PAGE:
April 22, 2007

The House of Representatives reconvened this week after its Easter Recess.  A key legislative item is the renewed effort to begin the process of transmogrifying the District of Columbia into the functional equivalent of a State of the Union—and to do so without the benefit of an amendment to the Constitution.   Never underestimate how wily liberal leadership can be.   The proposal is claimed to be nothing more than according the District’s Delegate to the House full voting privileges.  The pitch is wrapped in the appealing clothing of citizenship, democracy, enfranchisement, voting rights, combined with a racial tinge (as though an opponent were a racist).

(Not surprisingly, quieter and less influential folk are interested in pursuing Congressional seats for Guam and the U.S. Virgin Islands “€“ and Puerto Rico if the faltering independence movement fails were the D.C. measure to succeed.)

The reality is easy to come by.  Read the Washington Post, the Washington Times, or any other cognizant publication, or talk with, or listen to, a D. C.  politician or anybody remotely familiar with D. C. politics.   The real effort is to create the functional equivalent of one Member of the House of Representatives and two United States Senators.  It’s the PR and legislative equivalent of the proverbial camel’s nose in the tent but it’s far cleverer than any beast of burden.  Begin with a House seat; keep the two D.C. so-called “€œshadow United States Senators”€ out of sight; avoid – maybe, desecrate? – the Constitution step by step.

The cause has the oft-touted appeal of “€œbipartisanship”€ because a Republican Member (himself an adroit and ambitious leader and PR master) loudly co-sponsors the House measure.

The House is likely to pass the measure, the Senate less likely.   Presidential advisors are advising President George W. Bush to veto (which veto almost assuredly would be sustained). If the proposal jumps these hurdles a Constitutional challenge in the Federal Judiciary would follow. The Congressional Research Service already has opined that the measure is unconstitutional.   Those few legal scholars who have researched the question are not in accord with one another. (I find the negative scholarship more persuasive than the affirmative but have not researched independently.)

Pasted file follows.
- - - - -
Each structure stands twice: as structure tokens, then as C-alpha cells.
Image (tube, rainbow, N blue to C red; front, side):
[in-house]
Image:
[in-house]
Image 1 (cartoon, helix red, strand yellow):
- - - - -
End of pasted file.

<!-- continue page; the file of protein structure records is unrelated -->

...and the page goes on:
A Constitutional amendment is unlikely to succeed, requiring, as it would, ratification by 38 State legislatures.  In 1978 Congress sent to the States a proposed amendment which would have granted the District of Columbia a voting House seat. Few State legislatures ratified the proposed amendment; the (very generous) seven-year period for ratification expired; no amendment.

The option of retrocession to the State of Maryland remains, cumbersome though it may be to achieve in light of D. C. politicians”€™ self-interest.   If the principal goal of D. C. politicians were fully to enfranchise D. C. residents on the same basis as residents of the fifty States retrocession would achieve the goal.  D. C. residents would become Marylanders, just as, since 1847, D. C. residents and their successors west of the Potomac River have been Virginians. Those residents would fit in well politically with Maryland, a liberal State. The Nation’s Capital, as the Framers intended, would comprise that small and monumental area housing the key offices (and the many monuments) of the Federal Government—the White House and major federal agencies, Congress, the Supreme Court. (Several key offices—e.g., the Department of Defense—are already outside the District of Columbia, for which their functioning clearly is none the worse.) The Nation’s Capital would be just that, not a city embarrassingly noted for its crime – and for a local government of unmatched proportionately numerous bureaucracy and (at best, erratic) incompetence.

—A Free Congress Foundation Commentary

Marion Edwyn Harrison is President of, and Counsel to, The Free Congress Foundation.


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